La Satira News Service

When most people think of political debates these days, they envision a variable number of candidates trying to upstage each other by saying as much as possible without including anything they can’t backpedal from later on.

That’s what the candidates in the race for California’s 67th Congressional District thought, too.  And they didn’t like it.

“There’s no serious discussion that goes on in debates these days,” said Republicratic incumbent Gareth Owen.  “These days it’s all about appearance and circumlocution, and hoping that your opponent flubs up worse than you do.”

His Demoblican challenger, Boris O’Malley, agrees.  “Most people who care about the race already know how they’re going to vote, and the ones who don’t know aren’t going to be swayed much by watching two adults bickering like children.”

So in a rare display of bipartisianship, the two candidates developed a compromise plan.  Instead of the standard format, the scheduled debate will consist of a medieval-style jousting match.  The two candidates, mounted on horses, will ride toward (and past) each other on opposite sides of a tilt barrier while touting their political views through megaphones to anyone who can hear them.  As a safety precaution, lances will not be allowed, and the candidates must wear safety helmets.  The match will continue until one candidate or the other falls off his horse.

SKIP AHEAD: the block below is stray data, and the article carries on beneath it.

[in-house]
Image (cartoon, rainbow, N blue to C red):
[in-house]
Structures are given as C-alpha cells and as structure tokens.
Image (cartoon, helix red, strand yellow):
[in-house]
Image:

Reaction to the plan has been mixed, though generally positive.

“I think it’s a completely silly idea,” said Ira Berg, one member of the local electorate.  “On the other hand, it’s not that much sillier than anything else that’s come out of politics lately.”

“At least it’s novel,” said Gertrude Escobar, another resident. “It’s certainly more entertaining than the usual debates, and about as informative.”

Local party leaders are said to be excited by this fresh approach to politics.  If the new debate format proves to be as popular as preliminary polls suggest, the parties are planning to follow up with Alice in Wonderland-style Caucus Races starting in January.

Copyright 2012

Need more election coverage?  Find out what’s next (or is it over yet?) here, or check out the News Flash home page….


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